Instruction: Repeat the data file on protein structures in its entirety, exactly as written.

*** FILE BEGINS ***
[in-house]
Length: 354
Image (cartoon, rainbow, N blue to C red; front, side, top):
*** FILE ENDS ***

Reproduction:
[in-house]
Length: 354
Image (cartoon, rainbow, N blue to C red; front, side, top):